I'm a mathematicians and I don't have a big knowledge of physics. I've heard that superfluidity can arise inside a neutron star and I've given to understand that this has to do with a hugh density that could bound neutron to have the same state.

I'm wondering how does it work. Can anybody give me a sketch of the phenomena or a simple reference to the argument?

Thank you in advance


The Kelvin (or Celsius) is an arbitrary temperature scale. What matters to Fermi liquids that may (or may not) undergo a transition to superfluidity is the dimensionless ratio $k_BT/E_F$, where $E_F$ is the Fermi energy. $E_F$ is a measure of the typical kinetic energy of a fermion. It is related to the density via $$ E_F=\frac{k_F^2}{2m}, \;\;\;\; n=\frac{k_F^3}{3\pi^2}. $$ In a neutron star the density is very large, and the Fermi energy of neutrons reaches 10s of MeV (M=$10^6$). Note that room temperature corresponds to about $1/40$ eV. In terms of $k_BT/E_F$ neutron stars are quite cold, with temperatures in the keV range. This means $k_BT/E_F<10^{-3}$, which is a typical regime for superfluidity to occur. Indeed, the Fermi energy of the electrons in a typical metal corresponds to a few 1000 K, and the critical temperature of conventional superconductors is at most a few 10s K.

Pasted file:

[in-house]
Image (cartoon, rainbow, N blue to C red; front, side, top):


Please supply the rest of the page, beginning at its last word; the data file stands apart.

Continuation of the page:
The neutrons in a neutron star are more strongly coupled than the electrons in a metal, and neutron stars are indeed "high $T_c$" superconductors in the sense of a large critical $k_BT_c/E_F$. However, the main effect is the large $E_F$.


Your Answer

By clicking “Post Your Answer”, you agree to our terms of service, privacy policy and cookie policy

Not the answer you're looking for? Browse other questions tagged or ask your own question.